Dave Jaffe and his squad of lunatics pillaged Greek mythology for their setting, then went on to craft a violent platformer integrating combo-based combat, quick-time events, and some decidedly mature themes to fill the mold. The result: Kratos is one of the most recognizable certifiable badasses of the 21st century, a remorseless engine of carnage and destruction not even the gods can long oppose. Whether he’s twisting off Medusa’s cranium to use as a secondary weapon, skewering a multi-headed hydra on the broken masts of a ship, or challenging Ares to one-on-one combat, the only fucks Kratos has to give in his long-running vengeance-fueled orgy of retribution belong to the nubile and willing women who occasionally cross his path. Let’s face it: anybody who can bone Aphrodite into cross-eyed submission after pile-driving Zeus into the Underworld deserves a spot on this list.

7) Grand Theft Auto: Vice City / San Andreas

Grand Theft Auto: San Andreas

You knew these were going to be on here, right?

It’s impossible to pick just one, and if you’re in the mood for some sandbox-themed insanity, both of them will fill the void. San Andreas is technically the superior game, with an overall larger game world, new vehicles like bicycles, an experience system to reward you for practicing with various weapons, and a mechanic that lets you take over turf then recruit and arm your gang to defend it (all that and a cop voiced by Samuel L. Jackson to harass you at the same time), but then Vice City has that rocking 80’s Miami vibe from the clothing on down to the radio stations and a main character voiced by Goodfellas alum Ray Liotta. It’s all down to personal preference with this one. Either way you can’t go wrong, and neither one should set you back more than five or six dollars unless you insist on the black label, Hot Coffee-mod-ready version of San Andreas for some stupid reason.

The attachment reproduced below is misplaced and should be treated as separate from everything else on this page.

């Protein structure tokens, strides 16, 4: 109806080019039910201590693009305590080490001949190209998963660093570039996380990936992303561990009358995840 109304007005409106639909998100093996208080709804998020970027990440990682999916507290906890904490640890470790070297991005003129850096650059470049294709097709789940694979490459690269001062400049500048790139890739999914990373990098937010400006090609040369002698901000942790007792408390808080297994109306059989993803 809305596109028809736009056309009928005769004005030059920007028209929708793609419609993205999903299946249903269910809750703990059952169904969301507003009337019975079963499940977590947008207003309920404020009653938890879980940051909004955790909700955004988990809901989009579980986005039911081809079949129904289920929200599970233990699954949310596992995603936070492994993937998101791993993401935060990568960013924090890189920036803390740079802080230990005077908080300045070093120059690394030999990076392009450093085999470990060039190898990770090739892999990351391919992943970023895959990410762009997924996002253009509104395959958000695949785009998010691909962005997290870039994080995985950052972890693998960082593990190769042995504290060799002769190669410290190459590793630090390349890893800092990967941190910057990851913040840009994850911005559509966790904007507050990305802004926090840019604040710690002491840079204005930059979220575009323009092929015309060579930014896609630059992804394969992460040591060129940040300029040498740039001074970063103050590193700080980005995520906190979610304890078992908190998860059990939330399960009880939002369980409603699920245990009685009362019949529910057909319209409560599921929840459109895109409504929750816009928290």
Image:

Which you shouldn’t, because it’s 2017 and a quick trip to YouTube will show you every reason why you don’t need that version of the game in your life. Ever.


6) Shin Megami Tensei: Persona 3 FES

Persona 3 FES

There are a slew of RPG choices on the PS2, even for the budget-conscious gamer, including numerous entries in the ubiquitous Final Fantasy franchise, but for a game with phenomenal everything, look no further than this gem from Atlus.

The Persona series ditches traditional genre conventions of sword-and-sorcery and instead offers up a modern-day Japan setting with a slew of fascinating characters and stories guaranteed to mess with your head. Persona 3 FES is basically a director’s cut of the original Persona 3 with a bunch more content including an entirely new second storyline which picks up after the conclusion of the main one. All told, between mastering the social link system which helps power up your party members, the fusion system which allows you to create new Persona out of existing ones, and the main quest, full engagement with Persona 3 will return well over 100 hours of enjoyment. Considering you can find a copy for under $15 these days, that’s an unbeatable investment.